NDC Design

Systematic analysis

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As part of the Paris Agreement, countries are mandated to update and enhance their Nationally Determined Contributions (NDCs) every five years — increasing their ambition with every cycle. The first round of NDCs were submitted starting in 2015 as intended nationally determined contributions and countries have submitted or are finalizing their updates for the new cycle in 2020/2021. The purpose of this report was to develop a methodology to systematically assess the design of NDCs and to apply it to 20 NDCs.

Main findings:

While there are several tools that analyze NDCs, they are comprehensive, concise, replicable and comparable to a varying degree. Our methodology aims to fill a gap by addressing those criteria and providing new insights into the design of NDCs. We evaluate the NDCs along key elements that are critical for the success of the NDC ambition cycle: 1. Increased mitigation ambition; 2. Comprehensiveness; 3. Implementation plan; and 4. Transparency. We have applied this methodology to 20 NDCs with the aim to include a diversity of geographic contexts as well as NDCs with different emphasis, target types, and approaches to climate change mitigation.

The analysis shows that the selected countries fare generally well on comprehensiveness and transparency in their new NDCs. The rules under the Paris Agreement on what to include in the NDC and how to describe it show a positive effect; most countries provide the information necessary according to the rules. However, the elements that are critical for the success of the ambition cycle, i.e. raising ambition in each round and having a plan to implement the targets, are only partially covered by many countries. Of the analyzed NDCs, less than half showed higher mitigation ambition compared to their first NDC. Many targets remained unchanged or were found to be less ambitious due to changes in parameters such as baseline emissions. Many countries lack a clear implementation plan for the targets: In many cases measures have not yet been included in national legislation, but preparations are underway especially for those countries that increased their targets. Currently, governments can make their NDCs “look good” by fulfilling all requirements on comprehensiveness and transparency, but only a deeper analysis reveals that their NDCs are not more ambitious or lack an implementation plan. To uncover such deficiencies and to make the ambition cycle of the Paris Agreement a success, a careful checking of NDCs is necessary.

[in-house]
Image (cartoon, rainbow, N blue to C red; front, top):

Contact for further information: Maria Jose de Villafranca, Niklas Höhne